March 15, 2024 • By Dennis Beaver

“One of the things that can lead to an employment lawsuit,” observes Southern California-based labor law attorney Jay Rosenlieb, “is a failed interview that resulted in a job offer.

“Often the ‘hiring manager’ is a long-term employee with no training in how to conduct a proper, focused interview, hires the applicant based on liking them and not on whether they could do the job, would be a good fit or has the necessary experience.”

Anna Papalia, author of the recently published Interviewology: The New Science of Interviewing, completely agrees with Jay.

Her career has been devoted to teaching the art and science of employment interviews — to both employers and job applicants — helping them prepare, conduct and honestly present themselves.

I asked her to outline some of the worst ways an employment interview can be conducted and mistakes job applicants make during interviews.

1. An interviewer should not talk 80% of the time, telling the candidate a lot about the job — telegraphing their needs — and then ask, “So why do you want to work here?”

Consequences: The candidate will repeat everything they just heard, giving a false impression of their competence that impresses the interviewer. Instead, have a structured interview, asking everyone questions that have been written out in advance, rather than thinking of questions on the spot.

Focus on determining required technical skills, personality attributes and present candidates with a challenging situation to see how they would handle it.

2. Both interviewers and job seekers need to guard against being swayed by someone who is like them.

Consequences: If the interviewer is a charmer — someone who wants to make a connection — they could like an applicant who is also charming and then fall prey to their personality. It could lead to being conned!

Attorney Rosenlieb points out, “Charmers can sometimes cause an inexperienced hiring manager to discount background checks and pre-employment testing — ironically, devices that are in place, in part, to protect against charmers.”

Challengers love people who are contrarians, provide a new perspective, and maintain a strong position. Examiners prefer business-minded applicants who get right to the point — no fluff. Harmonizers look for an individual who is collaborative, warm and places the needs of the team above their own.

All can be swayed by someone who is like them.

3. Job seekers should never ask a hiring manager, “What’s going on in the company? How can I help with some of the problems you’re having?”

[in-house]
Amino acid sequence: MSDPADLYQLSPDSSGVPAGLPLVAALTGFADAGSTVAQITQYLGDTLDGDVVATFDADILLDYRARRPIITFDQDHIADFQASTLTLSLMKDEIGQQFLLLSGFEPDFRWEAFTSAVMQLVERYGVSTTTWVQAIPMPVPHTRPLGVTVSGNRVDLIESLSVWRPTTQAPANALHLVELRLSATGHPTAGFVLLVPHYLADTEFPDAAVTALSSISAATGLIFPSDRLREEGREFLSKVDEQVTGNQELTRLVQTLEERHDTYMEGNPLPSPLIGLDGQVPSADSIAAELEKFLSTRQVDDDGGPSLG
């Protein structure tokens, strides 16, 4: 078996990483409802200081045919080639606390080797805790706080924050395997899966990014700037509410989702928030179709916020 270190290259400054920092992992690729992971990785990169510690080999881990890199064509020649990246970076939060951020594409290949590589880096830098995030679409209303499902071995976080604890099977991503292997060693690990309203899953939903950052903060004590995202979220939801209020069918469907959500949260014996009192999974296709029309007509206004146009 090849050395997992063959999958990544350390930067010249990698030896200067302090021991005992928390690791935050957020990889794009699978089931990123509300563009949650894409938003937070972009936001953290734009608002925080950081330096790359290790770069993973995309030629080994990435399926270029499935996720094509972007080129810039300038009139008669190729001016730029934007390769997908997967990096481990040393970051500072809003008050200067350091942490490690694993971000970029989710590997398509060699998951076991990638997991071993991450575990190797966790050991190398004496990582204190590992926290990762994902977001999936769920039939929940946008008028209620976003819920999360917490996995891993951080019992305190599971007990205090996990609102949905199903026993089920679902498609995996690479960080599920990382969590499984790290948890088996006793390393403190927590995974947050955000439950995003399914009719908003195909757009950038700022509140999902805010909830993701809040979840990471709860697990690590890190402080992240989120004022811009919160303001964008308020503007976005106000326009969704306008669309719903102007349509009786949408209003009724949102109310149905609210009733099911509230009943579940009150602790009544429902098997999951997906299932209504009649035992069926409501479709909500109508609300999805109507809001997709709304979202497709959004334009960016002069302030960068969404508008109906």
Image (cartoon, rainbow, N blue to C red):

Consequences: It’s a bad question. While challengers love tough questions, not everyone is a challenger. So if the applicant asks that question, it risks rubbing the interviewer the wrong way, as they likely do not know the answer. You have to know to whom to direct your questions.

A better approach would be, “I’ve done my research and know you are looking to get into the XYZ market. As you can see from my résumé, I’ve done that before and would love to help you.”

4. Job seekers should absolutely never ask, “Can you describe for me the person you don’t want to hire?

Consequences: They are not going to tell you and might even think, “Why that question? Is there something off with their personality? We don’t need someone who is difficult.”

Instead, any question you ask or answer should move the interview forward so the interviewer has a good impression and sees you as qualified. So, ask yourself, “Will this show me as qualified? Will I appear likable? Will they be interested in talking with me more?”

Also, asking the interviewer “why?” can shut people down, but asking them “how?” helps create a more conversational situation.

5. The most inappropriate, or even illegal, questions are often asked in the small-talk portion of the interview.

Example: Question: “Did you have any trouble finding us?”

Answer: “No trouble at all.”

Question: “Oh, where do you live?”

What if the applicant says they live an hour away? This can lead to bias, as the hiring manager might think, “I don’t want to hire someone who lives an hour away.”

Or, what if the applicant says they live in a bad neighborhood? This leads to making assumptions about people based on things that have nothing to do with the job.

Questions that go beyond the job requirements and skills necessary are generally discouraged during the interview process. The risk is that you could drift into areas that raise an inference of discrimination.

Or, “Tell me a little about your family,” and the applicant replies, “My three kids go to XYZ School.”

The interviewer might think: “Do I want to hire someone with the obligations of raising three children?”

Concluding our interview, Papalia made clear the message that a job interview is not “just a getting-to-know-you date.”

“Will this person be a good fit for the job? Once they are hired, of course the doors are wide open to all sorts of discussions — but not beforehand.”

Interviewology is a true gift to employers, job seekers and perfect for graduates.

Dennis Beaver Practices law in Bakersfield and welcomes comments and questions from readers,
which may be faxed to (661) 323-7993,
or e-mailed to Lagombeaver1 – at –